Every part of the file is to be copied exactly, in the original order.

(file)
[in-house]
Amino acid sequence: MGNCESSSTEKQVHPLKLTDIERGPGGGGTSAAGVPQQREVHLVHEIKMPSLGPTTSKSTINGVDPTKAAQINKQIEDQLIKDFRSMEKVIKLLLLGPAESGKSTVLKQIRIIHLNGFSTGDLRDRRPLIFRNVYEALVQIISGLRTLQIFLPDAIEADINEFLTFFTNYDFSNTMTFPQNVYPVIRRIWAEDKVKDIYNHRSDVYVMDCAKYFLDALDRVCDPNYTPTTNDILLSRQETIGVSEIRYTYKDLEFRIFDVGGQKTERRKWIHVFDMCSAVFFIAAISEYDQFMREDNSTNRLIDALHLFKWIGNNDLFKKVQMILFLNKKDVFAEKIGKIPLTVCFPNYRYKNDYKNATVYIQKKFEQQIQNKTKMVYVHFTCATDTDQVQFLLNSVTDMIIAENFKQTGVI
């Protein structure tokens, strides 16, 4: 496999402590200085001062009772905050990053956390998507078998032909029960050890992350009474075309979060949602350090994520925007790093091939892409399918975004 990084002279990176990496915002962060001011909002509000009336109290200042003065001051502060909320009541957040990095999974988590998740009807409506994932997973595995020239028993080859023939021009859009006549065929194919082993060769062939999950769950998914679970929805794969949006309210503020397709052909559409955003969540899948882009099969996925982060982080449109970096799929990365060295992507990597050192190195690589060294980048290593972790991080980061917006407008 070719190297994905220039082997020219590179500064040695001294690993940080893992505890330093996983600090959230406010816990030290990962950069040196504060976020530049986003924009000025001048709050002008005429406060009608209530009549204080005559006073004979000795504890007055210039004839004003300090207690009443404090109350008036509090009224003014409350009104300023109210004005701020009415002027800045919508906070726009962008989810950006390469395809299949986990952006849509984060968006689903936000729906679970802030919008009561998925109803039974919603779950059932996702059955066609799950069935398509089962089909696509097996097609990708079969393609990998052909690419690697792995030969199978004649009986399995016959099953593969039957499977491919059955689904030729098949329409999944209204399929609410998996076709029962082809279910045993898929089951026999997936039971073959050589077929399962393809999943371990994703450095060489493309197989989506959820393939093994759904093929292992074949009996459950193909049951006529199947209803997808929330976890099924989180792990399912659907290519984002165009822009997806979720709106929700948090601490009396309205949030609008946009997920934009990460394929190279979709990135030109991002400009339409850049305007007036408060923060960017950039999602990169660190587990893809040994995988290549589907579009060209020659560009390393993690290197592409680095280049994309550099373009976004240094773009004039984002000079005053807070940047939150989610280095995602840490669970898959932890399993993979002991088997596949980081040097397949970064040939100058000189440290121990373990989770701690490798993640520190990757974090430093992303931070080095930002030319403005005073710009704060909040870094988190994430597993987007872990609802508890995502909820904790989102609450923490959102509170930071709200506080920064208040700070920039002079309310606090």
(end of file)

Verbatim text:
[in-house]
Amino acid sequence: MGNCESSSTEKQVHPLKLTDIERGPGGGGTSAAGVPQQREVHLVHEIKMPSLGPTTSKSTINGVDPTKAAQINKQIEDQLIKDFRSMEKVIKLLLLGPAESGKSTVLKQIRIIHLNGFSTGDLRDRRPLIFRNVYEALVQIISGLRTLQIFLPDAIEADINEFLTFFTNYDFSNTMTFPQNVYPVIRRIWAEDKVKDIYNHRSDVYVMDCAKYFLDALDRVCDPNYTPTTNDILLSRQETIGVSEIRYTYKDLEFRIFDVGGQKTERRKWIHVFDMCSAVFFIAAISEYDQFMREDNSTNRLIDALHLFKWIGNNDLFKKVQMILFLNKKDVFAEKIGKIPLTVCFPNYRYKNDYKNATVYIQKKFEQQIQNKTKMVYVHFTCATDTDQVQFLLNSVTDMIIAENFKQTGVI
């Protein structure tokens, strides 16, 4: 496999402590200085001062009772905050990053956390998507078998032909029960050890992350009474075309979060949602350090994520925007790093091939892409399918975004 990084002279990176990496915002962060001011909002509000009336109290200042003065001051502060909320009541957040990095999974988590998740009807409506994932997973595995020239028993080859023939021009859009006549065929194919082993060769062939999950769950998914679970929805794969949006309210503020397709052909559409955003969540899948882009099969996925982060982080449109970096799929990365060295992507990597050192190195690589060294980048290593972790991080980061917006407008 070719190297994905220039082997020219590179500064040695001294690993940080893992505890330093996983600090959230406010816990030290990962950069040196504060976020530049986003924009000025001048709050002008005429406060009608209530009549204080005559006073004979000795504890007055210039004839004003300090207690009443404090109350008036509090009224003014409350009104300023109210004005701020009415002027800045919508906070726009962008989810950006390469395809299949986990952006849509984060968006689903936000729906679970802030919008009561998925109803039974919603779950059932996702059955066609799950069935398509089962089909696509097996097609990708079969393609990998052909690419690697792995030969199978004649009986399995016959099953593969039957499977491919059955689904030729098949329409999944209204399929609410998996076709029962082809279910045993898929089951026999997936039971073959050589077929399962393809999943371990994703450095060489493309197989989506959820393939093994759904093929292992074949009996459950193909049951006529199947209803997808929330976890099924989180792990399912659907290519984002165009822009997806979720709106929700948090601490009396309205949030609008946009997920934009990460394929190279979709990135030109991002400009339409850049305007007036408060923060960017950039999602990169660190587990893809040994995988290549589907579009060209020659560009390393993690290197592409680095280049994309550099373009976004240094773009004039984002000079005053807070940047939150989610280095995602840490669970898959932890399993993979002991088997596949980081040097397949970064040939100058000189440290121990373990989770701690490798993640520190990757974090430093992303931070080095930002030319403005005073710009704060909040870094988190994430597993987007872990609802508890995502909820904790989102609450923490959102509170930071709200506080920064208040700070920039002079309310606090």